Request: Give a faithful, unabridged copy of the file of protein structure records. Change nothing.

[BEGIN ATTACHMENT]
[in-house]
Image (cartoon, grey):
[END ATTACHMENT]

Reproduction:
[in-house]
Image (cartoon, grey):